Grave Threat to the Electric Grid and the Internet

On July 23, 2012, a plasma cloud of gigantic proportions raced toward Earth at nearly 2,000 miles per second, about four times the normal speed for a solar eruption. Had the gigantic cloud hit the Earth – as a similar eruption did in the mid-1800s – it would have devastated much of the world’s power grids and many satellites, taking down much of our telecommunications systems and GPS. The damage would have run into the trillions of dollars and would have taken months or even years to reverse.

The good news: While the cloud passed through the Earth’s orbital path and hit Goddard’s Stereo A satellite, the cloud missed us.

The bad news: Not by much. If the storm had happened just nine days earlier, the Earth would have been directly in its path.

The worse news: We are overdue for a direct hit. Such huge storms are expected to hit the Earth every 150 years, and the last one struck 155 years ago.

“Had [the 2012 magnetic storm] hit Earth, it probably would have been like the big one in 1859, but the effect today, with our modern technologies, would have been tremendous,” UC Berkeley research physicist Janet G. Luhmann said in March, when researchers from UC Berkeley and China reported their analysis.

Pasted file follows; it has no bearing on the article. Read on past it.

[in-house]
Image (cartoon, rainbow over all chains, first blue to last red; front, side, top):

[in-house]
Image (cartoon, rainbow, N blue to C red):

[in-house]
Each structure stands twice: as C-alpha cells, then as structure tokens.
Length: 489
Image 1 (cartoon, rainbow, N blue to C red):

Daniel Baker, of the Laboratory for Atmospheric and Space Physics at the University of Colorado, said that, if the storm had hit, “we would still be picking up the pieces.”

A severe space weather event that causes major disruption to the U.S. electricity network and to communications would have obvious implications for the insurance industry. If businesses, public services and households are without power and, thus, many forms of communication, for a sustained period, insurers may be exposed to unprecedented claims for business interruption and many other issues.

So, every insurer, broker and business that relies on the power and telecommunications grids – in other words, almost everybody these days – should consider space weather scenarios and start planning for them.

We have some historical record of the devastation that would occur because, for five days beginning on Aug. 28, 1859, astronomers Richard Carrington and Richard Hodgson witnessed sunspots on the sun’s surface. The solar flare caused two major coronal mass ejections, or CMEs, which typically unleash energies equal to that of about a billion hydrogen bombs, according to scientists. One of these CMEs was so much more powerful than the norm that it traveled to Earth in 17.6 hours, while such journeys usually take three to four days.

The huge storm – now known as a Carrington Event – caused major disruptions to the nascent telegraph system, and the effects continued into September. The New York Times reported on Sept. 5 that a telegraph operator by the name of Frederick Royce said, “My forehead grazed a ground-wire which runs down the wall near the sounder. Immediately, I received a very severe electric shock, which stunned me for an instant. An old man who was sitting facing me, and but a few feet distant, said that he saw a spark of fire jump from my forehead to the sounder.”

As late as Sept. 19, the Gettysburg Compiler reported that a telegraph operator “chanced to touch the wire and was thrown in violence of a shock he received across the room.”